Note: this podcast was produced for the Professional Development Forum (PDF) an organisation that helps diverse young professionals reach their full potential in their careers. To find out more about PDF and their events in Sydney, please visit their website and follow them on social media.
Elisa Chiu (Anchor Taiwan): About this Podcast Episode
- Elisa’s story about building a career in high finance, then giving it all up to pursue her passion.
- The cultural & gender barriers she faced and other struggles along the way.
- Advice for young professionals in building their careers.
- Overview of the Taiwan startup scene (VC players + accelerators).
- Reasons to consider Taiwan as a place to build or grow your startup.
From Taiwan for the World
Originally from Taiwan, Elisa moved to Canada for her undergraduate and postgraduate degrees in Economics. She had an opportunity to work as a junior trader which kicked off her career in high finance, eventually working in Hong Kong as a portfolio manager specialising in convertible bond trades and strategies.
Ultimately not feeling fulfilled with her career path, she pursued her passion for photojournalism, visiting over 70 countries. Life eventually took her to Silicon Valley where she caught the startup bug and decided to move back to Taiwan to grow the small but emerging startup ecosystem and use her global connections to bring Taiwan to the world.
About Anchor Taiwan
Established in 2017, Anchor Taiwan is an Entrepreneurial Residency, Tech Community & Investor Network designed to tackle your soft landing in Asia through Taiwan. In 2019, Elisa launched Anchor Venture Partners, an early stage cross-border investment platform to combine her passion for startups and her expertise in capital markets. To find out more, please visit: https://www.anchortaiwan.com/about/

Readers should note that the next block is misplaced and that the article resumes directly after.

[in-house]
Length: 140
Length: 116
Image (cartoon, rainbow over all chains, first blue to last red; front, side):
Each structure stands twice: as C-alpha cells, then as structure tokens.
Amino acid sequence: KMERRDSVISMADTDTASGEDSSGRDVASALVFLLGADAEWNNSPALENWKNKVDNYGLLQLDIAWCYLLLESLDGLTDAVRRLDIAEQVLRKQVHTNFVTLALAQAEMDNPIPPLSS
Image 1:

Taiwan Startup Ecosystem
Although Taiwan is more famous for its bubble tea, there is a small but thriving startup ecosystem not too dissimilar to Australia’s.
However, unlike Australia, Taiwan’s small geographical size and a strong history of tech and hardware manufacturing (e.g. HTC, ASUS, ACER) make it an attractive place for tech companies to establish operations in the region. Google, AWS, IBM & Microsoft have all expanded to the region, attracted by the high standard of living, low cost of operations and abundance of tech talent.
Recently minted Taiwanese unicorns Gogoro (electric scooters) and Appier (AI marketing software) are a result of the island’s strengths and support networks. Major startup institutions like Techstars, Alibaba & SOSV (MOX) all have a presence along with a few dominant local and government organisations.
If you’re just getting started, you’ll be hard-pressed to miss AppWorks (Taiwan’s largest accelerator and VC). With $US170 million funds under management, investments include companies like ShopBack (e-commerce cashback), Carousell (classifieds marketplace), Dapper Labs (crypto/blockchain), Lalamove (logistics) and KKday (e-commerce travel platform).
On being a minority and advice for young professionals
- As a female minority, it is more challenging for me to break into their groups, their circles.
- For example, it’s very common for all of the guys, either in the trading world or even early-stage investing, all of them go out to play basketball or have drinks together, and then deals just get done.
- Because of the journey, I think that’s the reason that these days, I am involved with a lot of women-focused initiatives
- Identify mentors and champions around you that will give you advice and resources to really advance your career.